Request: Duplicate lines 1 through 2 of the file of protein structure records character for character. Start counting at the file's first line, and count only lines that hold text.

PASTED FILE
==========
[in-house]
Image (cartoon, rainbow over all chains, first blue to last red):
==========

[in-house]
Image (cartoon, rainbow over all chains, first blue to last red):